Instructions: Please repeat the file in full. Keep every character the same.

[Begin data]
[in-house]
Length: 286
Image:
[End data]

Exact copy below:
[in-house]
Length: 286
Image: